A tragic tale of doomed romance for you all…
Gary looked at his creation. Delectable parma ham. Spicy chorizo. Pepper jack cheese. A sprinkling of red onion. Tangy peppers, hot jalapenos, and a dollop of mayonnaise to cool down the fire. All in a lightly toasted ciabatta. It was the most beautiful sandwich he’d ever seen. He wasn’t sure he could even bring himself to eat it. If he could, he’d marry it.
Why couldn’t he marry it?
After all, he’d never met a woman he wanted to marry. He considered all the women in his office to be beneath his lofty standards, and he’d been quite happy to voice this opinion to them on a daily basis until HR had got involved. This sandwich, though? It was something else. He definitely couldn’t eat it… no, not it – her. It would be like taking a bite out of the Mona Lisa. He reverentially placed her in the fridge, clearing the top shelf so she could have it to herself.
And then he thought. He planned. He called a couple of wedding venues in London. He asked questions. He called a few more wedding venues. Money changed bank accounts – quite a lot of money ‘because this is rather unusual’, as the voice on the other end of the phone had said. A venue was booked. A reverend was hired. It was on.
Before he knew it, the day came. Gary drove himself and his sandwich, which he’d named Teresa (so that they could be nicknamed ‘G and T’, his old grandma’s favourite drink, although he preferred Guinness) from their home in Watford to the old reception venue he’d booked in Wimbledon. He sang along to an eighties soft rock radio station. Teresa, now in a portable mini-fridge strapped into the passenger seat, didn’t. Gary loved how quiet she was. One of his problems with women was their constant chatter. He appreciated the way Teresa listened to his opinions about that bastard Carl at work, why there’s nothing wrong with dog fighting no matter what the do-gooders say, and just what their local supermarket can do with all that gluten-free and organic crap they keep filling their shelves with.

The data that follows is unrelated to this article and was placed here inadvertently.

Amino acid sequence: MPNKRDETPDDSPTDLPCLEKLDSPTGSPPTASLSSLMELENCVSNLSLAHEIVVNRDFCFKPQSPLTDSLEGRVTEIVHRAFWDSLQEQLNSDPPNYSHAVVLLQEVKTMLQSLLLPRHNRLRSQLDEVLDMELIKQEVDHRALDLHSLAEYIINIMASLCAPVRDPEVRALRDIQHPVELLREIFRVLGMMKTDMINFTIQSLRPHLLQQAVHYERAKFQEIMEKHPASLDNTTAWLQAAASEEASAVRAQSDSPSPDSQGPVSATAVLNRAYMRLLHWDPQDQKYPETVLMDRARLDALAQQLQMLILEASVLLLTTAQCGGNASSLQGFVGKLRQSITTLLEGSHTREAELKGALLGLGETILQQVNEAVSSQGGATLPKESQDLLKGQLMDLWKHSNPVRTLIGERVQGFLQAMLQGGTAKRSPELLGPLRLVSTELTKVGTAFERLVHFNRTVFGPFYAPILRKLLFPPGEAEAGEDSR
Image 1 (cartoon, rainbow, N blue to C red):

And then they were there. Gary parked next to an old grey building with broken windows and unpleasant graffiti on the walls. It was being knocked down the following day, he’d been told. Not the best of places, he knew, but he’d been unable to secure somewhere more reputable given the ‘uniqueness’ of his relationship. He unstrapped Teresa and carried her inside. The paint was peeling, the ceiling had fallen down in one corner and the air smelled faintly of urine. Still, Gary didn’t mind and Teresa didn’t make her feelings known one way or the other. They met the Reverend, a stooping little chap with a bristly moustache called Mike. Gary thought naming your moustache was a bit weird, but as a man about to marry a sandwich he didn’t feel like he could really comment. Other than that he got on well with the Reverend Percy Fishguts. (‘Pronounced “feeshgootz”’, he’d told them. ‘My grandfather was Latvian.’). The Reverend did the ceremony, having dragged a couple of bewildered Japanese tourists, who’d got lost on their way to the tennis, in from the street to act as witnesses. Then he announced, ‘You may kiss your wife!’